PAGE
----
Authors: Lisha He*,
Topics: Economic Geography, China
Keywords: China, real estate, Chinese migrants, ethnic networks, United States
Session Type: Virtual Paper
Start / End Time: 8:00 AM / 9:15 AM
Room: Virtual 36
Presentation File: No File Uploaded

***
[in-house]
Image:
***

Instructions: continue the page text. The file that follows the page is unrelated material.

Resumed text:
Since the 2010s, Chinese foreign direct investment in real estate (FDIRE) has emerged as a major force within global real estate markets, challenging the traditional dominance of Western investors. A classical driver of FDIRE is favorable market conditions, which investors seek to maximize profits. It is unclear, however, whether the investment determinants of Chinese FDIRE diverge from those for FDIRE from advanced economies, which to date have represented both the primary investment forces and main objects of study. To uncover the potentially unique determinants and heterogeneity of Chinese corporate real estate investors – among them an institutional environment comprised of strong state intervention and a system of social networks important for fostering business ties (guanxi) – we build and analyze a state-level panel dataset of Chinese FDIRE by state-owned (SOEs) and private enterprises (PEs) in the U.S. from 2010-2017. Our empirical results reveal the importance of Chinese migrants in promoting Chinese real estate investment, especially by PEs. We also demonstrate that PEs depend more on Chinese overseas communities than SOEs, perhaps because they can count less on government support to overcome investment barriers. Finally, we find that the spatial effects on Chinese FDIRE are insignificant.